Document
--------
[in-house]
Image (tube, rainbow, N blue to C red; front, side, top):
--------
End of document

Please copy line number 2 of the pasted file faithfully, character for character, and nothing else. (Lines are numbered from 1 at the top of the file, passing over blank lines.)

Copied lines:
Image (tube, rainbow, N blue to C red; front, side, top):